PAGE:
January 14, 2011


"Mom, I know some really bad words...but I don't use them."

"There are some different bad words out there. It's good to know them, and know not to use them. What are some that you've heard?"

"This one is so bad, I can't even say it. I'll spell it." (hides head under covers) "f-u..."

("Oh, I guess she does know this one", I think to myself).


("Hmmm...guess she doesn't!").

It takes a hearing loss to turn a simple rite of passage, like learning swear words, into a lesson in listening and speech discrimination! Hadley is still such an innocent that the worst words we hear in our house are along the lines of "stupid" and "meanie". Up until now, she's typically learned bad words through books ("Damminit!" she muttered one day as she hit her head while getting in the car. "What word was that, Hadley?" "Harry Potter said it."). Our conversations have focused more on being appropriate and proper pronunciation ("The /n/ in 'damn' is silent, Hadley.") But "f-u-n-d"... this one required some further investigation.

I'm still not exactly sure what transpired, but it appears a friend shared the word with Hadley in a typical "what swears do you know?" conversation. Hadley couldn't hear her friend very well (this happened at lunch), and was relying on contextual clues to fill in the gaps. She heard the first sound of the word, flipped through her internal file of known vocabulary, and decided that 'fund' was the swear. She didn't want to risk asking her friend to repeat the word, in fear of being overheard by an adult (so she had heard enough of the conversation to infer that this conversation was headed into dangerous territory). I'm still not entirely convinced the friend herself knew the actual swear, but I gathered enough information to determine that Hadley used the skills she had to the best of her ability to follow along...and yes, to even contribute another word to their lesson in profanity. (Which she knew! Correctly!).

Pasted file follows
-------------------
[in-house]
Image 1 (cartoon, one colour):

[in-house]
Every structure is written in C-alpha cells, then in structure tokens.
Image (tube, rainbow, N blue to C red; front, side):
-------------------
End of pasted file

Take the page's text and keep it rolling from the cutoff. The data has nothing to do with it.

Hadley now knows that the F-bomb isn't a trust fund or mutual fund. Maybe her hearing misled her, perhaps her friend did think that "FUND!!" is what people yell out in anger or exasperation, and possibly it's a combination of the two. At least she won't be telling anyone to "fund off" or "shut the fund up"...whether that way or in its proper form. And I've suggested that the next time she wants to sit down and have a nice chat about all the more colorful words in the English language, she do so off of school property.

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